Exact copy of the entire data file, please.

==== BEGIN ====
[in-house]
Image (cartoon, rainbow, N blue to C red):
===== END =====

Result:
[in-house]
Image (cartoon, rainbow, N blue to C red):